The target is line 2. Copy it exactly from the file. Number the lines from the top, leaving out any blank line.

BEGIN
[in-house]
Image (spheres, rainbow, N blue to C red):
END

Image (spheres, rainbow, N blue to C red):